• Masquelier, Adeline. Prayer Has Spoiled Everything: Power and Identity in an Islamic Town of Niger. Durham, NC: Duke University Press, 2001.
  • McCarthy Brown, Karen. Mama Lola: A Vodou Priestess in Brooklyn. Berkeley: University of California Press, 1991.
  • Mombo, Esther. “The Ordination of Women in Africa: An Historical Perspective.” In Women and Ordination in the Christian Churches: International Perspectives. Edited by Ian Jones, Kirsty Thorpe, and Janet Wootton, 123–143. New York: Bloomsbury, 2012.
  • O’Brien, Susan. “Pilgrimage, Power, and Identity: The Role of the Hajj in the Lives of Nigerian Hausa Bori Adepts.” Africa Today 46, no. 3–4 (Summer–Autumn 1999): 11–33.
  • Oduyoye, Mercy. Introducing African Women’s Theology. Sheffield, UK: Sheffield Academic Press, 2001.
  • Oyewumi, Oyeronke. The Invention of Women: Making an African Sense of Western Gender Discourses. Minneapolis: University of Minnesota Press, 1997.
  • Sharp, Lesley. The Possessed and Dispossessed: Spirits, Identity and Power in a Madagascar Migrant Town. Berkeley: University of California Press, 1993.
  • Thornton, John. K. The Kongolese Saint Anthony: Dona Beatriz Kimpa Vita and the Antonian Movement, 1684–1706. New York: Cambridge University Press, 1998.


  • 1. Donald S. Lopez Jr., ed., Religions of India in Practice (Princeton, NJ: Princeton University Press, 1995); and Sushil Mittal and Gene Thursby, eds., Religions of India: An Introduction (New York: Routledge, 2018).

  • 2. Ben Ray, African Religions (New Jersey: Prentice Hall), 26.

  • 3. Ray, African Religions, 26.

  • 4. Nwando Achebe, “Politico-Religious Systems and African Women’s Power,” in Holding the World Together, ed. Nwando Achebe and Claire Robertson (Madison: University of Wisconsin Press, 2019), 71.

  • 5. Ray, African Religions, 1–4.

  • 6. Achebe, “Politico-Religious Systems,” 71.

  • 7. Karen McCarthy Brown, Mama Lola: A Vodou Priestess in Brooklyn, 2nd ed. (Berkeley: University of California Press, 2001), 37; and Tracy Luedke, “Presidents, Bishops and Mothers: The Construction of Authority in Mozambican Healing,” in Borders and Healers: Brokering Therapeutic Resources in Southeast Africa, ed. Tracy J. Luedke and Harry West (Bloomington: Indiana University Press, 2006), 47.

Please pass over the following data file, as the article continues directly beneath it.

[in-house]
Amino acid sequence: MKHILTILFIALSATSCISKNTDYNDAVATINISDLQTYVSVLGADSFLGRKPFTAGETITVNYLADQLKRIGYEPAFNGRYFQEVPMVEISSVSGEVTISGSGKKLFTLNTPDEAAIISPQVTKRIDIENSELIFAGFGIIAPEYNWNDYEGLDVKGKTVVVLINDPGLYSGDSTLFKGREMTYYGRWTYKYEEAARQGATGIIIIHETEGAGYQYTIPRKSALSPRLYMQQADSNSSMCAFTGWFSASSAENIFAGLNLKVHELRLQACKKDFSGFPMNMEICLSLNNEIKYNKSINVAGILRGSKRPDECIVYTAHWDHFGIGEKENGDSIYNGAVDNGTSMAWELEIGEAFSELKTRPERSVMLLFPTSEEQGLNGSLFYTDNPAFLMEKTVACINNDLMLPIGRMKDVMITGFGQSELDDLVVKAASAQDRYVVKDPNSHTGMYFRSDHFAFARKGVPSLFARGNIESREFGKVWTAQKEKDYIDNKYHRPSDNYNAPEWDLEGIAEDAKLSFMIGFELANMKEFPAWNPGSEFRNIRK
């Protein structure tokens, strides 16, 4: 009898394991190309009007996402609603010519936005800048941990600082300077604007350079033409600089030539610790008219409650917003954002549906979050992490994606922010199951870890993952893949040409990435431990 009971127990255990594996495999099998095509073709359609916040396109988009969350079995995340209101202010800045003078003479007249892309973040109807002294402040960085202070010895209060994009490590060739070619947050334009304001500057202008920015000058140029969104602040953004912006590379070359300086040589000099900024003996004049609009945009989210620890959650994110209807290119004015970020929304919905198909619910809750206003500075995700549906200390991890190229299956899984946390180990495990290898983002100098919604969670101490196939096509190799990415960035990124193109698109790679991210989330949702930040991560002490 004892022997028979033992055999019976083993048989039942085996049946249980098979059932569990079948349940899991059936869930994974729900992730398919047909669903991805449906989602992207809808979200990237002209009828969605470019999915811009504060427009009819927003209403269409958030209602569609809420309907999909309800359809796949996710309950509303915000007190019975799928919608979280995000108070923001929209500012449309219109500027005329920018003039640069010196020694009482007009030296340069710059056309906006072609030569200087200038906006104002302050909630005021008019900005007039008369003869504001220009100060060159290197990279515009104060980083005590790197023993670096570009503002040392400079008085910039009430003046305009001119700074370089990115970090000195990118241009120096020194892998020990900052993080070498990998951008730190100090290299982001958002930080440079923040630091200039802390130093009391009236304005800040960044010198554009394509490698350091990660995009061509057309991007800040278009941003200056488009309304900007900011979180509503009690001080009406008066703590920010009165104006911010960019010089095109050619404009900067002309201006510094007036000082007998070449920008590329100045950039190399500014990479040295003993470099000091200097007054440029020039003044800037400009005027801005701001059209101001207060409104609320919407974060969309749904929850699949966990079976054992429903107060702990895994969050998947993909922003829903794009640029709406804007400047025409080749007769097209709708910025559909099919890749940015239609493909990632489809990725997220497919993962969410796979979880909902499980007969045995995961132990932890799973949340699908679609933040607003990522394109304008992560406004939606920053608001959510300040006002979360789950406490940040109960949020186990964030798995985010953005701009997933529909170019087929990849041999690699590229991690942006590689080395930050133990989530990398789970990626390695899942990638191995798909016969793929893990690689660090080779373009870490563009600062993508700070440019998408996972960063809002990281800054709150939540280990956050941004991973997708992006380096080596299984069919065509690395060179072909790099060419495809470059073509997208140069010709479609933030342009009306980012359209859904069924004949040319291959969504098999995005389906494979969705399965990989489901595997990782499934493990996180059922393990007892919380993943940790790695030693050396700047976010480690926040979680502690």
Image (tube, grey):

• 8. Maurice Bloch, “Death, Women and Power,” in Death and the Regeneration of Life, ed. Maurice Bloch and Jonathan Parry (Cambridge, UK: Cambridge University Press, 1982), 211–230; and David Graeber, “Dancing with Corpses Reconsidered: An Interpretation of Famadihana in Arivonimamo Madagascar,” American Ethnologist 22, no. 4 (1985): 258–278.

  • 9. Nancy Jay, Throughout Your Generations and Forever: Sacrifice, Religion and Paternity (Chicago: University of Chicago Press, 1992); and Bloch, Death, Women and Power,” 211–230.

  • 10. John David Yeadon Peel, “Gender in Yoruba Religious Change,” Journal of Religion in Africa 32, no. 2 (May 2002): 136.

  • 11. Edward A. Alpers, “‘Ordinary Household Chores’: Ritual and Power in a 19th-Century Swahili Women’s Spirit Possession Cult,” The International Journal of African Historical Studies 17, no. 4 (1984): 677–702; Iris Berger, “Rebels or Status-Seekers? Women as Spirit Mediums in East-Africa,” in Women in Africa: Studies in Social and Economic Change, ed. Nancy J. Hafkin and Edna G. Bay (Stanford, CA: Stanford University Press, 1976), 157–181; Janice Boddy, Wombs and Alien Spirits: Women, Men, and the Zar Cult in Northern Sudan (Madison: University of Wisconsin Press, 1989); Filip De Boeck, “From Knots to Web: Fertility, Life-Transmission, Health and Well-Being among the Aluund of Southwest Zaire” (PhD diss., Katholieke Universiteit Leuven, 1991); Ioan Myrddin Lewis, Ecstatic Religion: An Anthropological Study of Spirit Possession and Shamanism (Middlesex: Penguin Books, 1971); Marie-Claude Dupré, “Histoire et Rituels: L’observation du Siku en Pays Beembé (République Populaire du Congo),” Cahiers des Sciences Humaines 18, no. 2 (1981–1982): 171–194; Ellen Corin, “Refiguring the Person: The Dynamics of Affects and Symbols in an African Spirit Possession Cult,” in Bodies and Persons: Comparative Perspectives from Africa and Melanesia, ed. Michael Lambek and Andrew Strathern (Cambridge, UK: Cambridge University Press, 1998), 80–102; Paula Girschick Ben-Amos, “The Promise of Greatness: Women and Power in an Edo Spirit Possession Cult,” in Religion in Africa: Experience and Expression, ed. Thomas D. Blakely, Walter E. A. van Beek, and Dennis L. Thompson (London: James Currey, 1994), 118–134; Marion Kilson, “Ambivalence and Power: Mediums in Ga Traditional Religion,” Journal of Religion in Africa 4, no. 3 (1972): 171–177; and Susan O’Brien, “Pilgrimage, Power and Identity: The Role of the Hajj in the Lives of Nigerian Hausa Bori Adepts,” Africa Today 46, no. 3–4 (Summer–Autumn 1999): 26.